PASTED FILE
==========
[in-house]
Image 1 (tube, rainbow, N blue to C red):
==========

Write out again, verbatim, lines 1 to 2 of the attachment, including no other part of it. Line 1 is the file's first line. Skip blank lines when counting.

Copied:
[in-house]
Image 1 (tube, rainbow, N blue to C red):